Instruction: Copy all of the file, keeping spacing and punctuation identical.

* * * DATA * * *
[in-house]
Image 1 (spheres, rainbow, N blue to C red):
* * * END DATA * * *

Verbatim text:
[in-house]
Image 1 (spheres, rainbow, N blue to C red):